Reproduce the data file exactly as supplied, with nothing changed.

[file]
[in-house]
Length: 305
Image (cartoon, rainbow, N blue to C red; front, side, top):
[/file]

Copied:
[in-house]
Length: 305
Image (cartoon, rainbow, N blue to C red; front, side, top):